The film begins by introducing a series of seemingly disparate characters, each of whom receives a mysterious wooden puzzle box they need to solve in order to access the message inside. WandaVision’s Kathryn Hahn plays Claire Debella, a Connecticut governor running for Senate, whose nominally progressive politics seem to clash with the presence of her anonymous billionaire backer. Hamilton original Leslie Odom Jr. plays Lionel Toussaint, a breakthrough scientist at a giant tech conglomerate, whose projects are at the mercy of ridiculous faxes from his ambitious boss. Rom-com extraordinaire Kate Hudson disappears into the role of Birdie Jay, a supermodel turned influencer who holds on to the past, has a habit of putting her foot in her mouth online, and depends on her dedicated assistant, Peg (Jessica Henwick), to put out everything from PR fires to actual fires she sets by accident. Rounding off the quartet who are excited to receive the box is wrestler-turned-Guardian of the Galaxy Dave Bautista, as the macho Twitch streamer Duke who, along with his younger girlfriend Whiskey (Madelyn Cline), puts out half-baked videos supporting Men’s Rights and traditional masculinity.
These four people, from four vastly different worlds, quickly and inexplicably get on the phone with each other to excitedly talk through their puzzles, thus revealing a decade-old connection between them and the sender, tech mogul Miles Bron (Edward Norton). He’s using these boxes as a fun way to send his friend group invites to his private island in Greece, for a weekend-long murder mystery game in which he’s the victim, and for a long-overdue catchup after lockdown (the film is set during the first year of the pandemic, pre-vaccine, though this hasn’t stopped Birdie from throwing crowded parties).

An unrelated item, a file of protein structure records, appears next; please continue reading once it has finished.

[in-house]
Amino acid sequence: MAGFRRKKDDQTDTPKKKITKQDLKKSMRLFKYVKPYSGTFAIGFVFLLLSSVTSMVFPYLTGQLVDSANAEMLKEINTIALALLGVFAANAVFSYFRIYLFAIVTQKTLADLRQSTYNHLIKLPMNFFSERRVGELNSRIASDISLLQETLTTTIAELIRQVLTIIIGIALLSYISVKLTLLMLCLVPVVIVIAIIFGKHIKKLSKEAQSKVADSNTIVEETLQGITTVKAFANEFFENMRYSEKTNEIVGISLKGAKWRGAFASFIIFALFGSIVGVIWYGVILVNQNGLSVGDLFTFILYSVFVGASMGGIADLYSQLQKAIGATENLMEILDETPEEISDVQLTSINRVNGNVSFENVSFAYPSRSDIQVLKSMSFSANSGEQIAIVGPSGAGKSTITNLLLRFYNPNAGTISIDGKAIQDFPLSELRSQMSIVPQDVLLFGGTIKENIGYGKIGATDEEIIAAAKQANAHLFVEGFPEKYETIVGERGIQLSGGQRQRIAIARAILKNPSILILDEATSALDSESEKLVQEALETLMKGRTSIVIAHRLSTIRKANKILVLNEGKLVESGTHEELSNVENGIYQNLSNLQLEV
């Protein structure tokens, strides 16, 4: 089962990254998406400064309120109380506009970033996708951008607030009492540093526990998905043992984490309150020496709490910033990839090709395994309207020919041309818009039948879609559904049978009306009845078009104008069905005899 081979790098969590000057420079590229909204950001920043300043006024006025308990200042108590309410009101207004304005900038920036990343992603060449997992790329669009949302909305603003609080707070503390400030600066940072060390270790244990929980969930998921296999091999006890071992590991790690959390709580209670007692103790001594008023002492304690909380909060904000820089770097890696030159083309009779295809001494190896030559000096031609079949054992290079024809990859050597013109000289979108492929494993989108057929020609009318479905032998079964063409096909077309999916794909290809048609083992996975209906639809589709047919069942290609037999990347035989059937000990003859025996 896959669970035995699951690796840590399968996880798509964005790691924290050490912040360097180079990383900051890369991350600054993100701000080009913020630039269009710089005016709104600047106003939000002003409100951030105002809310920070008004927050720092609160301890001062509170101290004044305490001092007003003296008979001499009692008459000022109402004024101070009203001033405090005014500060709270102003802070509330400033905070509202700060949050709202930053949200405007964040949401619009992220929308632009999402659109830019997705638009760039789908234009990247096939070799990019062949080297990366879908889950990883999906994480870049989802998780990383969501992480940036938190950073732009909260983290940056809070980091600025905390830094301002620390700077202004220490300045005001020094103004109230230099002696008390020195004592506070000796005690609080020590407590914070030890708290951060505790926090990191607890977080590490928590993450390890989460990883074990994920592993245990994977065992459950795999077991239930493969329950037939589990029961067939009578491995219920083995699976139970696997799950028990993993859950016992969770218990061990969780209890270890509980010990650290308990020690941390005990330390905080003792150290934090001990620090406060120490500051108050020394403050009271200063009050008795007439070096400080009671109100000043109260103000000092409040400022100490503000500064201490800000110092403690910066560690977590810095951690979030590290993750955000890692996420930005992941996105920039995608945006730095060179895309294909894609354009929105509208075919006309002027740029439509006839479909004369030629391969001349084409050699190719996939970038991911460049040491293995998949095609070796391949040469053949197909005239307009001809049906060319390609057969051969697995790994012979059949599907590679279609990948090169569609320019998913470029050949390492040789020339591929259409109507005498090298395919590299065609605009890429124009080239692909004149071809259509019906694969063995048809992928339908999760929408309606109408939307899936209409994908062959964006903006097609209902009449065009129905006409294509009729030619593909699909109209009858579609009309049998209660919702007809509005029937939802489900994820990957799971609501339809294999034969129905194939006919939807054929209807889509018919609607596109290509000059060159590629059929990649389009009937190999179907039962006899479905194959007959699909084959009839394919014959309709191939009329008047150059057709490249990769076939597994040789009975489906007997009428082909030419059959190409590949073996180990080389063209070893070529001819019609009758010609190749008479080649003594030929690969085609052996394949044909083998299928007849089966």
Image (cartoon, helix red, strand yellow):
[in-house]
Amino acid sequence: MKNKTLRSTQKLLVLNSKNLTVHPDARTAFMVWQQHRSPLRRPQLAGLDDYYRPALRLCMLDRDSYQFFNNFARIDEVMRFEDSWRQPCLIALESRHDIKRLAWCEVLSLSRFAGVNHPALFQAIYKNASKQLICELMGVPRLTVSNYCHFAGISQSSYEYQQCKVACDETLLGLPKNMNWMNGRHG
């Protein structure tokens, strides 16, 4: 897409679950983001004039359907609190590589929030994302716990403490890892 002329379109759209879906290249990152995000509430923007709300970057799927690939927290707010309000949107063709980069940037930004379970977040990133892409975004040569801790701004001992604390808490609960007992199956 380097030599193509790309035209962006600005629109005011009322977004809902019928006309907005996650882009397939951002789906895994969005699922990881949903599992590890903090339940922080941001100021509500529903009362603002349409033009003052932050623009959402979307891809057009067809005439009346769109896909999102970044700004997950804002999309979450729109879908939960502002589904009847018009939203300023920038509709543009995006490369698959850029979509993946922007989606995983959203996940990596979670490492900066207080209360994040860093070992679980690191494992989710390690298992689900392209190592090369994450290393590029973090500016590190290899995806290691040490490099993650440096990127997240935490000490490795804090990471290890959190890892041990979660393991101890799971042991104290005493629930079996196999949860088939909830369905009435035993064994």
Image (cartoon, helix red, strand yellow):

There also appear to be two more boxes. One was sent to a person who was expecting the invite, but whom the rest of the group didn't think would show up: Cassandra “Andi” Brand (a fearsome Janelle Monae), Miles’ ex business partner and the group’s former friend, with whom they’ve all had an ugly falling out. The last person to receive a box, however, wasn’t expecting to be invited at all, because he’s a stranger to the group: Blanc, on whom the pandemic has been especially tough, leaving him with few cases to solve. So, he jumps at the opportunity. While it isn’t initially clear why he’d be eager to crash a murder mystery game (rather than solve an actual case), the film’s unraveling of the group’s connections slowly unveils something more sinister than a weekend of role play: someone might be trying to murder Miles for real.